With some albums, the backstory gives some insight or perspective for which to take in the piece. For renowned producer Danger Mouse’s collaboration with Italian composer Daniele Luppi on Rome, the backstory is essential for taking in the piece. Not that the album wouldn’t be enjoyable without the knowledge that is was a five-years-in-the-making record to serve as a tribute to the beloved Italian film composer Ennio Morricone and his “spaghetti western” work of the 1960s, nor that many of the musicians (not Jack White or Norah Jones) had worked with Morricone in the past. It is just that Rome is very much an album built towards an accomplishment, with an end-game scenario in sight, and the success of the album when measured in this rubric is undoubtable. But, it begs the question of whether Rome can be more than merely a successful genre album?
Or, concept album, though the inclination is to avoid using this term, as Danger Mouse has noted that there is not narrative running through Rome. But, by a more broad definition of concept album, Rome clearly fits the bill. And though there may not be a narrative to follow, where the album finds its greatest success is with the abstract elements, giving each listener a chance to paint their own cinematic portrait while listening (which Chris Milk’s interactive video for “Black” plays into). “Theme Of Rome” is clearly an opening credits-type of number, but is it of a man riding his horse through the vacant plains, or is it long pans through empty rooms of a home? The emotion is all implied, but the imagery is often left up to the audience.
Luckily, we have some guides along the way in White and Jones. Picking perhaps the two most distinctive vocalists of our current musical age is a bold decision and not without its rewards, as each brings a bit of themselves to their respective songs. Though the backing of “The Rose With A Broken Neck” features choral singers, strings, and the subtle production quirks that give it the necessary retro vibe, White’s voice is unmistakable and the song comes of as a new avenue to hear his distinctive vocal traits, rather than him simply falling into line to play an anonymous part. Jones is similarly used, as her songs falling into a similar tempo, coming off as relaxed and breezy, not far away from her typical recorded material, though with an unquestionable rise in indie cred. Ultimately, all the desperation in White’s vocals are balanced with a distinct sexiness in Jones’, and the songs on which they appear become focal points of the album; little moments to look forward to between abstract instrumentals.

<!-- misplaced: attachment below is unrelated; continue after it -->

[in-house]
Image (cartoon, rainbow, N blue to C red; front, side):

That being said, even the addition of pop icons to the Rome album can’t allow it to rise above its previously stated goals. There is little, if nothing, wrong with Rome, but rather, it is limited by the confines it sets up for itself. Danger Mouse has hinted at the possibility of turning the record into a film or a large-scale concert, which is probably where it belongs, with added visuals to the cinematic scope of the project. As just a record, it can feel almost incomplete, like too much freedom is left to the listener to wade through the material. And while it might seem disrespectful to look at five years’ worth of work and say “almost, but a little more needs to be done,” it just depends on if the desire on the part of Danger Mouse and Luppi is to elevate Rome to something beyond their project, because though they have succeeded mightily with their goals, they have clearly hit the limit at what the genre allows.
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